Saturday, May 2, 2009

R2R: Coq Au Vin

I can't say it's a photogenic dish, but it is a tasty dish. 

Temperance from High off the Hog was right when she stated that this dish is "deceptively hard."  I thought I could get away with some of the prep while the chicken was cooking and get everything done.  I did, but it took me the WHOLE time the chicken was cooking. So definitely do your prep in advance.  This especially applies to the pearl onions- peeling them in a bitch, but if you blanch them and the cool them in an ice bath, the skins slide right off.  Slimy, but easy.  The taste of this dish was good- I very much liked the mushrooms cooked in bacon fat :)  I would have liked the sauce to reduce down a bit more, but that's just something on the learning curve for next time!

NOTE: Coq au vin is traditionally made with a coq, or rooster, an older chicken that wouldn't be so delicious roasted.  I would love to make this dish with an actual rooster, but you need to order them ahead in these parts.  I used a free range organic chicken at the suggestion of the poultry man, and it was still very tasty.

Coq au vin
from the Les Halles Cookbook, by Anthony Bourdain, Serves 4

1 bottle/1 liter plus 1 cup/225 ml of red wine
1 onion, cut into a 1-inch/2.5 cm dice
1 carrot, cut into ¼-inch/6-mm slices
1 celery rib, cut into ½ inch/1-cm slices
4 whole cloves
1 tbs/14 g whole black peppercorns
1 bouquet garni
1 whole chicken, about 3.5 lb/1.35 kg, “trimmed” – meaning guts, wing tips and neckbone removed

salt and freshly ground pepper
1 tbs/28 ml olive oil
6 tbs/75 g butter, softened
1 tbs/14 g flour
¼ lb/112 g lardons
½ lb/ 225 g small, white button mushrooms, stems removed
12 pearl onions, peeled
pinch of sugar

3 large, deep bowls
plastic wrap
fine strainer
large Dutch oven or heavy –bottomed pot
wooden spoon
small sauté pan
small sauce pan
1 sheet parchment paper
deep serving platter

The day before you even begin to cook, combine the bottle of red wine, the diced onion (that’s the big onion, not the pearl onions), sliced carrots, celery, cloves, peppercorns, and bouquet garni in a large deep bowl. Add the chicken and submerge it in the liquid so that all of it is covered. Cover the bowl with plastic wrap and refrigerate overnight.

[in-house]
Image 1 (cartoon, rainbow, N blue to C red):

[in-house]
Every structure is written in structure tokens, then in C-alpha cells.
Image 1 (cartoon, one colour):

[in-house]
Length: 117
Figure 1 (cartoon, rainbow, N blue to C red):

Remove the chicken from the marinade and pat it dry. Put it aside. Strain the marinade through the fine strainer, reserving the liquids and solids separately. Season the chicken with salt and pepper inside and out. In the large Dutch oven, heat the oil and 2tablesppoons/28 g of the butter until almost smoking, and then sear the chicken, turning it with the tongs to evenly brown it. Once browned, it should be removed from the pot and set it aside again. Add the reserved onions, celery, and carrot to the pot and cook over medium-high heat, stirring occasionally, until they are soft and golden brown. That should take about 10 minutes.

Sprinkle the flour over the vegetables and mix well with the wooden spoon so that the vegetables are coated. Now stir in the reserved strained marinade. Put the chicken back in the pot, along with the bouquet garni. Cook this for about 1 hour and 15 minutes over low heat.

Have a drink. You’re almost there…

While your chicken stews slowly in the pot, cook the bacon lardons in the small sauté pan over medium heat until golden brown. Remove the bacon from the pan and drain it on paper towels, making sure to keep about 1 tablespoon/14 g of fat in the pan. Saute the mushroom tops in the bacon fat until golden brown. Set them aside.